Expectant mothers who received the influenza vaccine were less likely to have premature or smaller infants, according to a new study released in PLoS Medicine.
The Los Angeles Times “Booster Shots” blog reported, “Investigators “surveyed data from the Georgia Pregnancy Risk Assessment Monitoring System, looking at 4,168 pregnant women whose infants were born during the 2004-05 and 2005-06 flu seasons.”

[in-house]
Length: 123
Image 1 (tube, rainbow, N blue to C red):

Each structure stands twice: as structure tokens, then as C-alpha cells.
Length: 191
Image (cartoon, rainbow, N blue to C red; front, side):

The shocker, at least to me, was that “they found that those who had received an influenza vaccine were 72% less likely to have a premature newborn, and that they were 69% less likely to have a baby that was smaller than it should have been, for the amount of time it had spent growing in the womb.”
We’ve known that flu shots should be given to pregnant woman, and can be very beneficial to the mother and child. We just never knew this part of the benefit package before.
So, it appears that when pregnant women receive an influenza vaccination they are providing protection that extends to their babies AFTER they are born, supporting the current recommendation for influenza vaccination among pregnant women.